Radiographic contrast agents and contrast reactions


  • Radiopaque contrast agents are often used in radiography and fluoroscopy to help delineate borders between tissues with similar radiodensity. Most contrast agents are iodine based.
    Iodinated contrast agents may be

    Ionic
    Nonionic

    Ionic contrast agents, which are salts, are hyperosmolar to blood. These agents should not be used for myelography or in injections that may enter the spinal canal (because neurotoxicity is a risk) or the bronchial tree (because pulmonary edema is a risk).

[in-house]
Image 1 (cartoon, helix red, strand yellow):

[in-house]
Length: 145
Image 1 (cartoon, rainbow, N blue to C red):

Nonionic contrast agents are low-osmolar (but still hyperosmolar relative to blood) or iso-osmolar (with the same osmolarity as blood). Newer nonionic contrast agents are now routinely used at nearly all institutions because they have fewer adverse effects.
    The most serious contrast reactions are

    Allergic-type reactions
    Contrast nephropathy (renal damage after intravascular injection of a contrast agent)


    Radiographic contrast agents and contrast reactions meaning & definition 1 of Radiographic contrast agents and contrast reactions.

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